The Scoop: Being single can be tough, especially in the midst of a pandemic. But a relationship status doesn’t have to define your quality of life. We spoke with Ingrid Fetell Lee, author and creator of The Aesthetics of Joy, about how singles can reclaim joy despite the obstacles and setbacks in their love lives. She shared insightful tips and wisdom for singles to feel more empowered in love, home, and life.
Ingrid Fetell Lee has spent much of her career studying joy, but that wasn’t always her intention. While she was working on her Master’s Degree in Industrial Design, a professor commented that much of her work sparked a feeling of joy in him.
“I asked what he meant by that, and he couldn’t say,” she told us. “That got me thinking about how the physical world around us can spark that feeling of joy. I discovered our surroundings can be a powerful tool for cultivating joy and well-being, and from there, my study of joy found relevant applications.”
After many productive years working as a design director, speaker, and author, Ingrid created the website The Aesthetics of Joy to help people cultivate joy in their spaces and their lives. Her work examines how our environment can influence our well-being and how we can use our environment to better our lives.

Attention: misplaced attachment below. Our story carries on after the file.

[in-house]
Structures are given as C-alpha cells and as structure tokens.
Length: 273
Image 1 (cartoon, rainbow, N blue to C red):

Many people assume joy is something that happens to them. Happiness is the result of having a good life, personal success, and minimal hardships. In this line of thinking, individuals have little agency over their happiness, and they must wait for their lives to become perfect before they can experience joy. But Ingrid’s research has disproved that idea.
“Studying joy from the perspective of a designer is interesting because the way joy had been framed is that you just hope you can find it, but it’s out of your control,” Ingrid said. “What we learn from research is that we very much can create joy.”
Factors beyond your control certainly influence your well-being, but they don’t need to define it.
Single people are often hit with the message that they have to find a relationship before they can be happy. Ingrid experienced this in her own life. Before she got married at 35, she went through a period where many of her friends were getting married, and she was still single. She didn’t want to wait for a partner before she had permission to do the things she wanted to do. So she bought a ticket to Iceland. She had asked multiple previous boyfriends to go with her on this trip, but it never happened. She went abroad alone and had a wonderful time.
“I learned to start asking myself how I would want to have used my time looking back at my life,” she said. “That got me moving and got me out of that state of just waiting for joy to happen. I had to embrace present joy over waiting.”